It should not be forgotten that the donee in this case is the wife and it is not disputed that even after the execution of the gift deed, the husband continued to live with his wife in this house. There is evidence to show that the gift deed was handed over to his wife and that it is from her custody that it was produced in Court. The position would have been different if the donee was a person not related to the donor or a relation who would not in the ordinary course live with the donor under the same roof. But, where, as in this case, the parties are related to each other as husband and wife and were living in the house both before and after the execution of the gift deed, the position is slightly different and mere non-mutation of the name of the donee does not militate against the genuineness of the gift. The same view was taken by Das, J. in AIR 1964 Orissa 212, Adhikari Narayanamma V. Adhikari Thabitinaidu. In AIR 1932 P. C. 13, Nawab Mirza Mohammad Sadiq Ali Khan v. Nawab Fakr Jahan Begam, the husband executed a deed of gift in favour of his wife. The gift deed contained the statement : 'I deliver possession of the gifted property to my said wife' and the deed of gift was handed over to the donee as soon as it was registered. Their Lordships said that thedeclaration in the deed was binding on the heirs of donor and that actual taking of separate possession by the wife was not necessary and that the declaration made by the husband, followed by the handing over of the deed to the wife was sufficient to establish a transfer of possession.
Similar recitals indicating a complete transfer of ownership and possession of the properties devised appear in the gift deed (Ex. 1). In these circumstances, we are satisfied that mere non-mutation of the name of the wife in respect of the disputed house is not sufficient to show that the gift deed was not in fact acted upon. An attempt was also made on behalf of the receiver to show that some time after the execution of the deed ofgift, the insolvent had given the disputed ouse as security in a certain proceed-big. The learned single Judge elaborate ly discussed this aspect of the case with reference to the boundaries, the extent and other particulars relating to the disputed house as mentioned in the deed of gift and the house that was given as security by the husband, and pointed ou1 that the details differed so much from each other that it was impossible to hold that the house property which was offered as security by the husband is the same as the one covered by item no, 8 of the gift deed.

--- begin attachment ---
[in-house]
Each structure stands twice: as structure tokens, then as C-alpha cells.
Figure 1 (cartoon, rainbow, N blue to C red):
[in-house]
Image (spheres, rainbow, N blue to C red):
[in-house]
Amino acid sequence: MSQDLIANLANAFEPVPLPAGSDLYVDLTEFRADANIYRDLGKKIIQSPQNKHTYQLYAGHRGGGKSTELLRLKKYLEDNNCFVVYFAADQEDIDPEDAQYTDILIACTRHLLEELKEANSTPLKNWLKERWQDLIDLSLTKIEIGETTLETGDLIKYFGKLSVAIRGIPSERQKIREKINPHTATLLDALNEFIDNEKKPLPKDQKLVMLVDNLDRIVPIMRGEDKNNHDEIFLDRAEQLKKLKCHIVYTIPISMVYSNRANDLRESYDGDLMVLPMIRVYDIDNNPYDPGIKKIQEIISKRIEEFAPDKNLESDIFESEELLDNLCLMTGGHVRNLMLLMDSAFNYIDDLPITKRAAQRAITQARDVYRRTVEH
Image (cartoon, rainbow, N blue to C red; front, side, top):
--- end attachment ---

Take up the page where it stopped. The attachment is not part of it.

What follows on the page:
In fact, Mr. Murthy fairly conceded that in view of this evidence and specially having regard to the lack of evidence by the receiver that besides the disputed house the insolvent had no other house in Jeypore town, it will not be possible for him to maintain that the house offered as security by the insolvent is the same as the disputed house.
3. Mr. P. V. B. Rao. appearing for the respondents contended that the entire attack on behalf of the appellant is directly against the findings of fact recorded by the learned single Judge and that such a course is not permissible in this appeal. In support of this contention, he relied on a Full Bench decision of the Patna High Court reported in AIR 1965 Pat 472 (FB). Sm. Asho Devi v. Dukhi Sao. In view of the fact that on a perusal of the evidence on record we are satisfied that all the findings recorded by the learned single Judge are unassailable, it is unnecessary for us in this case to decide the further question whether it is open to the appellant in the present proceeding to assail these findings.
4. In the result, this appeal fails and is dismissed with costs.
S. Acharva, J.
5. I agree.